Jesus Was No Innocent Third Person

For our sake he made him to be sin who knew no sin, so that in him we might become the righteousness of God.  (2 Corinthians 5:21 ESV)

How could God put the sins of the world on an innocent third person?  Jesus was not an innocent third person – He is the innocent First Person!  That’s how R. A. Torrey answers the question in a Christian magazine published in 1909.  Jesus is “the Son of Man,” the representative Man who is truly divine.  That means Jesus is not a third person; no third person could have done the job.  Jesus is the first Person of the universe.  It is an amazing truth that God takes our sin and puts it on Himself.

Here is the answer written by R. A. Torrey in the pages of the The Institute Tie.Torrey - First Person Torrey addresses the question on page 751 in volume 9 of the bound edition of the magazine and I reproduce it here as published (except for a missing quotation mark):

How could God punish His innocent Son for the guilt of man?

The doctrine of the Bible is not that God, a holy first Person, takes the sins of man, a guilty second person, and lays them upon His own holy Son, an innocent third Person.  That is the way the doctrine is often misrepresented.  In fact, it is the representation usually made by those who reject the Bible doctrine of substitution.

The real teaching of the Bible is that Jesus Christ is not the third Person, that he is indeed the first Person, “that God was in Christ reconciling the world unto Himself” (2 Corinthians 5:19), and that in the atoning death of His Son, instead of laying punishment of guilty man upon an innocent third Person, God takes the shame and suffering due to man upon Himself; and so far from that being unjust and cruel it is amazing grace!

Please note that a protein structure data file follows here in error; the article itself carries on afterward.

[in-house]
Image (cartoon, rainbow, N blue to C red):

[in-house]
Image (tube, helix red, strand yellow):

Furthermore, Jesus Christ was the second Person.  He was not merely a man.  He was “the Son of man,” the representative Man, the head of the race.  No ordinary man could bear the guilt of other men, but “the Son of man,” the representative Man, could.

If we take the teaching of the Bible, not in a fragmentary way but as a complete whole, it is the most wonderful philosophy the world has ever known.  We will ponder and admire its inexhaustible depths throughout eternity.  But if we take any one doctrine out the other doctrines become absurd.  If we give up the doctrine of the deity of Jesus Christ, then the doctrine of the atonement becomes an absurdity, and the difficulty suggested by this question naturally arises.  Or if we give up the doctrine of the real humanity of Christ, the doctrine of the atonement loses its profound significance.  But if we take all the Bible says, namely, that Jesus was really divine, “God manifest in the flesh” (1 Timothy 3:16), and that He was truly man, not merely a man but “the Son of man,” the representative Man, then the doctrine of the atonement presents no difficulties but an amazing depth of truth.

It is strange how little the average objector to the doctrine of substitution knows about the real doctrine of the Bible on this point.  Instead of fighting what the Bible really teaches he is fighting a figment of his own uninstructed imagination.